The U.S. Environmental Protection Agency has proposed a 90% slash in U.S. gasoline sulfur limits beginning in 2004, a proposal the refining industry said is needlessly expensive to consumers.
The National Petrochemical & Refiners Association (NPRA) said the proposal would cost refiners $3-6 billion and add up to 10¢/gal to the cost of gasoline.
President Bill Clinton announced the sulfur measure in his weekly radio address. It was linked with a proposed rule to lower the allowable amount of nitrogen oxide emissions for all cars by about 90% and bring sport utility vehicles (SUVs) under the same pollution limits as cars.
Clinton said, "We've taken great pains to make sure these new standards will not cause hardship for the industry or reduced consumer choice. In many cases, existing technology will allow (auto) manufacturers to meet the new standards and still offer the same models popular with consumers today.
"According to some estimates, the benefits of the proposal may outweigh the costs by as much as 4:1."
EPA Administrator Carol Browner said the joint proposal would add 1-2¢ to the cost of a gallon of gasoline and $100-200 to the cost of most cars and trucks. EPA plans to issue final rules by yearend.
Sulfur ruleEPA and automakers have claimed the sulfur content of gasoline interferes with catalytic converters on cars.
The rule would require refiners to limit gasoline sulfur content to a 30 ppm average, down from the current 330 ppm average. The new standard is to be phased in during 2004-06.
The maximum amount of sulfur in gasoline, for purposes of averaging, could not exceed 80 ppm after 2005.
About 18 small refiners in the U.S. would get 2 more years to meet the requirements, if they can demonstrate the sulfur rule would impose a "severe economic hardship."
Refiners that reduce the sulfur in their gasoline ahead of the federal targets could earn credits to use directly or to sell to other refiners during 2004-06.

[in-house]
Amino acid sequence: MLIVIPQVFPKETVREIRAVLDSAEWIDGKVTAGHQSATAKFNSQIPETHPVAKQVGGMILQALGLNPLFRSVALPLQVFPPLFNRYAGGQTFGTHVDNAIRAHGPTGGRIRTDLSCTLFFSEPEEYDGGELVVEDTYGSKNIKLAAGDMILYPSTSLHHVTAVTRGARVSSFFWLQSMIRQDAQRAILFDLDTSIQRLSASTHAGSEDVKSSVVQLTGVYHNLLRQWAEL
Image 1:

Browner said the administration would soon propose a rule for cleaner-burning diesel fuel.
Auto ruleThe sulfur rule was combined with one reducing tailpipe emissions standards for cars, SUVs, and light-duty trucks.
Nox emissions would be capped at 0.07 g/mile for most vehicles starting in 2007, although light trucks would have more time to cut emissions to that level.
EPA said that, under the plan, manufacturers would produce vehicles that are 77-95% cleaner than those made now. EPA said the sulfur and auto rules, when fully implemented, would be equal to removing 166 million cars from the road.
Under the new standard, vehicles weighing less than 6,000 lb would be phased in during 2004-07, and vehicles weighing 6,000-8,500 lb would be phased in through 2009.
The current U.S. federal standards range from 0.6 g/mile for cars to 1.53 g/mile for the heaviest SUVs and vans.
As early as 2001, auto manufacturers could obtain credits for later use for vehicles produced at or below the 0.07 g/mile standard.
ReactionsNPRA and the American Petroleum Institute had argued for two higher, regional gasoline sulfur standards, which they said reflect the nation's varied air quality needs (OGJ, Mar. 30, 1998, p. 29).
They said that, under EPA's proposal, gasoline sulfur levels would be reduced nationwide to the extremely low levels now required in California, which has the nation's worst air quality.
"That means all consumers would pay for this costlier-to-manufacture fuel, even those who live in areas where air quality already is very good," they said.
William O'Keefe, API executive vice-president, said, "The case for a national approach has yet to be made, and an approach that does not recognize regional differences in air quality means that consumers will pay more than necessary, and refiners will be hard pressed to make the reductions on schedule."
He said industry would continue to push for changes in EPA's proposal.
Bob Slaughter, NPRA general counsel, said, "Air quality problems are vastly different across the nation. Yet under EPA's plan, the citizens of Boise, Ida., will pay as much or more to clean their air than will the citizens in the Bronx, N.Y.
"This rulemaking has not demonstrated that all regions of the country need the same level of sulfur reductions. The best technology to enable EPA's plan is not yet generally available commercially and, as a result, the costs to achieve EPA's plan are too high," Slaughter said.
API and NPRA said the difference in effects on ozone levels between the EPA and industry proposals would be small and hard to measure.
Slaughter said that, under the EPA schedule, "You're going to see something that looks like the Oklahoma land rush" as refiners scramble for desulfurization equipment and contractors to install it.
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